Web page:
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We design websites for Realty companies. The websites are used only to display the information and all the websites share a common template. We have around 150 websites for different customers. Some third party data providers, provide us all the updates about each listing on the website on hourly basis. The updates for each customer happens during separate hours. On average we have 1000 listings per website. And on every hourly update 80% of the data is changed or updated.

Right now we have a single database in Sql server 2008, for all the customers(Designed initially to cater 10-20 websites). The tables in the database are shared by all. The problem is whenever an update happens, it slows down other customers websites also, that are not at all related to the update. Also deleting a customers data, slows down all the sites.

I am planning to remodel the database by creating a separate schema for each customer, but I am not sure if it is the best way to handle our problem. Having a separate database creates many problems for maintenance(Backups, mirroring etc). Can anyone suggest me a better way to handle this issue. I am not sure how it affects the performance, if I create a separate schema for each customer and isolate their tables form others. Or is there any better solution?

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4 Answers 4

up vote 6 down vote accepted

My personal preference would be for multiple databases as it allows you to see which databases use the most IO, and RAM, with a variety of DMVs - and it allows you to easily migrate the biggest databases off elsewhere down the line. Additionally, there's a security separation which is always reassuring to clients.

Brent Ozar covered this very issue in a recent blog post - definitely worth a read as he's very good: http://www.brentozar.com/archive/2011/06/how-design-multiclient-databases/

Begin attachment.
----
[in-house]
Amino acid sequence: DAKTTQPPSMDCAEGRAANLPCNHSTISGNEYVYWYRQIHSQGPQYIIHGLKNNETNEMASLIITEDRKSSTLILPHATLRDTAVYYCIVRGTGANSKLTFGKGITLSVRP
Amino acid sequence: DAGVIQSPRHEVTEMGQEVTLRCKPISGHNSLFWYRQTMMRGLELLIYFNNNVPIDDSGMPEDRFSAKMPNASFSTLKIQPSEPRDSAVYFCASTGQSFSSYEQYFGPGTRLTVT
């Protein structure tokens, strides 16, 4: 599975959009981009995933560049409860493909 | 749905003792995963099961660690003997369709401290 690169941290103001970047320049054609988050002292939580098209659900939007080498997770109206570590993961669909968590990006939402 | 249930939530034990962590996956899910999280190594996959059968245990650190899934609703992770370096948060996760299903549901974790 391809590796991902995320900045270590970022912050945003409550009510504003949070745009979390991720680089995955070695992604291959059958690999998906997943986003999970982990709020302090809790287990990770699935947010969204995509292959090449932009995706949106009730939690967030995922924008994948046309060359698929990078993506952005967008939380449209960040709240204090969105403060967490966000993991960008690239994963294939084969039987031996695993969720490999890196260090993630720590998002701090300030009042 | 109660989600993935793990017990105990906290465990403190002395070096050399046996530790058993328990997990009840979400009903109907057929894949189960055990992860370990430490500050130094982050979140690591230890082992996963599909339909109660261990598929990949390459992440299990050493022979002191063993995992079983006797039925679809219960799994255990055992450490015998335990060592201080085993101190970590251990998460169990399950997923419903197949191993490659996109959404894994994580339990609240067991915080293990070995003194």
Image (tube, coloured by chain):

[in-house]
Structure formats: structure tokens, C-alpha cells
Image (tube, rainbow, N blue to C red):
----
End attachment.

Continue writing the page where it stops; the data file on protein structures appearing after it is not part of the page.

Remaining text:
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+1 - These are separate clients, so they should have separate databases and separate sets of DB users (DB Owner, DB read/write, DB read-only) for security reasons if nothing else –  voretaq7 Aug 18 '11 at 20:44
    
Thanks @Peter. None of our clients update the data. All the websites run with same server login with minimum permissions to read. The third party data providers, provide us the data, in csv or some other format and we run DTS packages to update the database. Clients donot have access to sql server at all. We have around 150 customers and if I create a database for each customer, then I will end up with 150 databases, that adds a lot of maintenance overhead. Also all the websites share a common template, so database queries do not change for each client. –  kishore Aug 18 '11 at 21:08
    
Thanks for sharing the article @Peter. Its is very good. But in our case security is the least concern. We are only worried about performance. –  kishore Aug 18 '11 at 21:26
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@kishore the maintenance of 150 databases is not a big deal. Scripting and automation should allow you to treat 2 databases and 150 databases about the same. You gain the ability to put "hot" databases on their own disks or even move them to another server. The issue I've come across is trying to accommodate a backup schedule across a large number of databases, and it is a potential issue for you if you need the databases to be transactionally consistent. Otherwise, do not be scared of maintenance. I would argue that a lot of your maintenance will be easier, not harder. –  Aaron Bertrand Aug 20 '11 at 17:20

Although I'd probably recommend going for a database per customer, if you want to stick to one database then it looks like schemas will be suitable given your requirements.